You should have simply stopped posting, but here you are, digging deeper and deeper, committing more and more errors. You couldn't even quote a post properly.

I only messed up a quote once out of more than a dozen posts. Yeah, I totally don't know how to quote properly. Oh wait, I do.

Do you have an actual argument or just stupid ad homs like AC-x?

about 4 months ago
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DARPA Wants To Kill the Password

Desler Re: There we go again (383 comments)

I would mod you up if I had points. I'm glad some people actually bothered to read and comprehend the context of my posts. Thank you!

At this point I will simply give up because I can't win when being bombarded by all these people twisting my words and taking me out of context.

about 4 months ago
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DARPA Wants To Kill the Password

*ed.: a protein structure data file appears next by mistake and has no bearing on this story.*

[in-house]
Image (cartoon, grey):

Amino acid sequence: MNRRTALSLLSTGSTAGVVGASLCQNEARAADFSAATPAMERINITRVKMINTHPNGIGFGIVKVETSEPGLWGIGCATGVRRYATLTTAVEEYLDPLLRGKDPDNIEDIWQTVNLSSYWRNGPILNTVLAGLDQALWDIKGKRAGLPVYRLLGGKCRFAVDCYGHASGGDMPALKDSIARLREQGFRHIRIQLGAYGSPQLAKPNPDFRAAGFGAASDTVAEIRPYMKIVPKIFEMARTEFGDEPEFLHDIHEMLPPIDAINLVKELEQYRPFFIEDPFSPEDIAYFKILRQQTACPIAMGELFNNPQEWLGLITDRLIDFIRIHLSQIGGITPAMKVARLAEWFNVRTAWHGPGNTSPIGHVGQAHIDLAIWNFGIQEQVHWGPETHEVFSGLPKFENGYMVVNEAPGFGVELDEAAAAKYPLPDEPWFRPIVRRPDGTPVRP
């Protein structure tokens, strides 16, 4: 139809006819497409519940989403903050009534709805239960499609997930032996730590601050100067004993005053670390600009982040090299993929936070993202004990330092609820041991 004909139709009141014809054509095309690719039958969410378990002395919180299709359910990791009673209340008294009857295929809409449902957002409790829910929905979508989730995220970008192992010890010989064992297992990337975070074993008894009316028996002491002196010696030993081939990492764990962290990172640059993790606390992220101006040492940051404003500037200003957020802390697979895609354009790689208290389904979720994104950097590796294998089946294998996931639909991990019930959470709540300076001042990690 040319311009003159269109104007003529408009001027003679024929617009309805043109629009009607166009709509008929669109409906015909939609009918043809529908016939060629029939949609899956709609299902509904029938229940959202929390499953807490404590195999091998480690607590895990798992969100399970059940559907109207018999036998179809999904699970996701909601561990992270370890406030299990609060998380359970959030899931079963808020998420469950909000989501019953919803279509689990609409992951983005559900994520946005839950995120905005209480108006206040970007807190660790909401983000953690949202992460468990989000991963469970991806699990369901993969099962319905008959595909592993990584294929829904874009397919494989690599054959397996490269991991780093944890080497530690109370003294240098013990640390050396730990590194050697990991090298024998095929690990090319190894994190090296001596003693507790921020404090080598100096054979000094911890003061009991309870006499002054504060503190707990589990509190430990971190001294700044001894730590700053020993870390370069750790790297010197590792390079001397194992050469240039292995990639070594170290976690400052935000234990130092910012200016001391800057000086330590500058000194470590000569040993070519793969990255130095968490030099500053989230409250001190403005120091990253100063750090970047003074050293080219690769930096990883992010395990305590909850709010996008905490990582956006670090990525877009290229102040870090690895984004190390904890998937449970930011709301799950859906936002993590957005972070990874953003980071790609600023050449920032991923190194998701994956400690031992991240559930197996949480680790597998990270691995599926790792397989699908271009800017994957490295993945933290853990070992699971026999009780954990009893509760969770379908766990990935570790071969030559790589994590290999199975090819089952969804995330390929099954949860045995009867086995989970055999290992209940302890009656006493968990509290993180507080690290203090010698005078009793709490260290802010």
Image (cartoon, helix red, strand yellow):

Desler Re: There we go again (383 comments)

Maybe you should read the book I mentioned.

And that changes the fact that you redefined dictionary attack how?

You keep trying to defend a point beyond exhaustion.

Yes, because I was not wrong. Dictionary attacks are still dictionary attacks even if the attacker does not have password hashes. A dictionary attack simply means that the attacker has a list of dictionary words that can be used to try to guess the user's password. Nothing more.

Lay off on the aspergers.

Don't have it. Nice ad hom, though.

about 4 months ago
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DARPA Wants To Kill the Password

Desler Re: There we go again (383 comments)

Did you read his whole post?

This of course assumes the administrators are paying close enough attention to notice in short order when the database has been compromised